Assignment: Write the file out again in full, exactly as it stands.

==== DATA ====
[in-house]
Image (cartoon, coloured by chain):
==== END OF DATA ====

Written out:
[in-house]
Image (cartoon, coloured by chain):